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Bedford House

A Grade II Listed Building in Newmarket, Suffolk

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Latitude: 52.2494 / 52°14'57"N

Longitude: 0.4143 / 0°24'51"E

OS Eastings: 564911

OS Northings: 263990

OS Grid: TL649639

Mapcode National: GBR N9R.X64

Mapcode Global: VHJGJ.4QDH

Plus Code: 9F426CX7+QP

Entry Name: Bedford House

Listing Date: 30 October 2006

Grade: II

Source: Historic England

Source ID: 1392776

English Heritage Legacy ID: 505820

ID on this website: 101392776

Location: Newmarket, West Suffolk, CB8

County: Suffolk

District: West Suffolk

Civil Parish: Newmarket

Built-Up Area: Newmarket

Traditional County: Suffolk

Lieutenancy Area (Ceremonial County): Suffolk

Church of England Parish: Newmarket St Mary the Virgin

Church of England Diocese: St.Edmundsbury and Ipswich

Tagged with: House

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177-1/0/2 (Northwest side)
30-OCT-06 7
Bedford House

Racehorse trainer's house adjoining Bedford House Stables, Bury Road, [qv]. Probably c.1850 for the seventh Duke of Bedford; major alterations and additions including former billiard room c.1884 by W.C. and A.S.Manning; further alterations c.1894 by Herbert Green for Captain J.O.Machell, racehorse manager. Gault brick with red brick and stone details, flint, hipped slate roof, gault brick stacks.
PLAN: double depth block backing onto the south west side of the main stable yard of Bedford House Stables; later C19 wing to rear.
EXTERIOR: two storeys; the entrance front facing road four windows wide; on the ground floor a single storey porch with flat leaded roof supported by Doric columns and cornice shields doorway with rectangular fanlight and four-panel door, to left of porch two sashes, to right one sash, and on the first floor four sashes, all with glazing bars. On the garden front facing south west, a large, single storey, semi-circular bay window to right lit by five curved sashes with glazing bars.
INTERIOR: not inspected.
HISTORY: Bedford House and Stables (formerly also including Bedford Cottage, now Rockfield House) were originally within the same small estate as Bedford Lodge (now Bedford Lodge Hotel, q.v.) which itself was built circa 1820 for the sixth Duke of Bedford as his Newmarket residence. It appears that the seventh Duke built Bedford House and Stables, for the stables are considered noteworthy and described in Thomas Knightley's Stable Architecture, published in 1862. After the Duke's death in 1861 the whole estate was purchased by Sir Joseph Hawley, who sold it on to the Duke's former trainer, William Butler. Butler demolished Bedford Lodge's original stabling and sold the Lodge to Joe Dawson who built the main range of stables adjoining it (now Highfield Stables, q.v.) in 1864. At about the same time he appears to have sold Bedford House and Stables to Captain J.O. Machell (1837-1902). He was originally an impecunious army officer and sportsman who settled in Newmarket, developed his interest in horse racing, and thereafter greatly improved his fortune by successful betting. He became a figure of considerable importance in the development of horseracing in the second half of the C19 and was racing manager to many of the principal racehorse owners of the period. His own horses won the Grand National three times. He employed excellent trainers in the yard, most notably Joseph Cannon and J.Jewitt, who sucessively occupied the enlarged Bedford Cottage. Machell (having also bought Bedford Lodge and Stables in 1880!) retired in 1892, and Bedford House, Bedford House Stables, and Bedford Cottage, were sold to the racehorse owner and breeder, Colonel Henry McCalmont.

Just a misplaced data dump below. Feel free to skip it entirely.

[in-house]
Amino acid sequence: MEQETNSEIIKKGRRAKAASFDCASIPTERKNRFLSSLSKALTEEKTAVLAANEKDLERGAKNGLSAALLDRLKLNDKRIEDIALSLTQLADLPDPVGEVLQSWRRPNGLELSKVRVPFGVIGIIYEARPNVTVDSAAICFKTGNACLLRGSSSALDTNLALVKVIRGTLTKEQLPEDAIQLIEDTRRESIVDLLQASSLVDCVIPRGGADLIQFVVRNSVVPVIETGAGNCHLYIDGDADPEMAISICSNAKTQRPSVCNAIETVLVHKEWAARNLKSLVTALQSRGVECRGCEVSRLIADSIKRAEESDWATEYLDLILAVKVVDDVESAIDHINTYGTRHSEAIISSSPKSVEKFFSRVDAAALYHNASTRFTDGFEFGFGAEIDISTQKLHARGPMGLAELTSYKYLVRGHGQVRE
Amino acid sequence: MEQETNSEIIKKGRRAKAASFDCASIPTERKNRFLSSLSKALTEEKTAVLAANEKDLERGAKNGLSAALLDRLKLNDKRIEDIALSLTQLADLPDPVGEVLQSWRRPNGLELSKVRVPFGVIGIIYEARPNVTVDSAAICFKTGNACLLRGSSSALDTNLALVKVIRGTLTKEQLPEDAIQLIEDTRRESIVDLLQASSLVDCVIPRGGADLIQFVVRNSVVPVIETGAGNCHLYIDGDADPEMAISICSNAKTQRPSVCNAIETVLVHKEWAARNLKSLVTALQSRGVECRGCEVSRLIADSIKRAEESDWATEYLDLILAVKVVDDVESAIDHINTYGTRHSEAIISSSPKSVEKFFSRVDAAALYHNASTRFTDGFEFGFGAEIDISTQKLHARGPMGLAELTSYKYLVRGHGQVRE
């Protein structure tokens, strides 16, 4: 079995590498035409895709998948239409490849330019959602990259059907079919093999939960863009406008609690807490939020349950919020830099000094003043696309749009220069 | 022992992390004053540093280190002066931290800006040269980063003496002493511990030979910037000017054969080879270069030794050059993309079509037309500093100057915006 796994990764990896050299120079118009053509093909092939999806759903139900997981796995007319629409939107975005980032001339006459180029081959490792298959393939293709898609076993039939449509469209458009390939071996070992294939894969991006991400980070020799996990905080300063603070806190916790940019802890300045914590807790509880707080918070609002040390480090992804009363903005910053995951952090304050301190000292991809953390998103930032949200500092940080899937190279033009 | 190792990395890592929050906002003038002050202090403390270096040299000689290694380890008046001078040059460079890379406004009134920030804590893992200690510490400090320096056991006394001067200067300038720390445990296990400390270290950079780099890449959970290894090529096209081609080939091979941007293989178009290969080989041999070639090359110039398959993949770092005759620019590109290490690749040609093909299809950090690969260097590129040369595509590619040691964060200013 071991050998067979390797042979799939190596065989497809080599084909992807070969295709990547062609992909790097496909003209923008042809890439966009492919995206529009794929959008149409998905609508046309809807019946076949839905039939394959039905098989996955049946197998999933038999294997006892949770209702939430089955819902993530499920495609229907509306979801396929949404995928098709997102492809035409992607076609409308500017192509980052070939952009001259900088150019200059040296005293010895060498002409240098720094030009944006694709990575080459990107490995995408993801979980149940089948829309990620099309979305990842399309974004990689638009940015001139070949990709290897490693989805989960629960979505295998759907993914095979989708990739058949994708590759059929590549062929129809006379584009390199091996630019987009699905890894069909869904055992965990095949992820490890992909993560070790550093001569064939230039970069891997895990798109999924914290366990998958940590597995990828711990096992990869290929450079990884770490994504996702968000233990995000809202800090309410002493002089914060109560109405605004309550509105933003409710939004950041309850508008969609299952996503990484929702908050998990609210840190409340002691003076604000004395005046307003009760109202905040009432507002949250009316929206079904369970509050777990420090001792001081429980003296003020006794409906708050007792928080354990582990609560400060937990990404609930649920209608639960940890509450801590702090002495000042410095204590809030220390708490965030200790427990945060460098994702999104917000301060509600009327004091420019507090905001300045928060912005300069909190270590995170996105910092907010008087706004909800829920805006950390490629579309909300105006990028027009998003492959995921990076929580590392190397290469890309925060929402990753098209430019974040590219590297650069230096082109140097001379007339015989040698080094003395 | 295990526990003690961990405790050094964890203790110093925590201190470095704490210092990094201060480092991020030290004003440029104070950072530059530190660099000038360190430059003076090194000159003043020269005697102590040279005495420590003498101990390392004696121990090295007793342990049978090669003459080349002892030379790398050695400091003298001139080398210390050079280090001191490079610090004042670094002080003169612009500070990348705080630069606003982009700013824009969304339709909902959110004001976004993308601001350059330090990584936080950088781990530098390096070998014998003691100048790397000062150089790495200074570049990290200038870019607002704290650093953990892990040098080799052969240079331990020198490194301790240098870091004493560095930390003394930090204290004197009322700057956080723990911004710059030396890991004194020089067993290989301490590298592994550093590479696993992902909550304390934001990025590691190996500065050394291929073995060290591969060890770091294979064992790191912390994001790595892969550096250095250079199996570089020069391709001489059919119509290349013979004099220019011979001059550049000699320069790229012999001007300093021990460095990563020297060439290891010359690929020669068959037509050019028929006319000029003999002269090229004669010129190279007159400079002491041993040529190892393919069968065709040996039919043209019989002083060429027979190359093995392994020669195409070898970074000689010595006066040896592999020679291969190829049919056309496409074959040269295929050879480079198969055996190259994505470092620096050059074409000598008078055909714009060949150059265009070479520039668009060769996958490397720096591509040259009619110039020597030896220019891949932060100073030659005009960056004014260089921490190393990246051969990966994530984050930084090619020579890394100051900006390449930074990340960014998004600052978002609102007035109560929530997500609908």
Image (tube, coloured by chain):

REFERENCE: Knightley, T: Stable Architecture: 1862; Onslow, R: Headquarters, a History of Newmarket and its Racing: Cambridge: 1983: 99-111; Brown C, Birkin H, Kindred R: Dictionary of Architects of Suffolk Buildings: Ipswich: 1991-: 115, 142).

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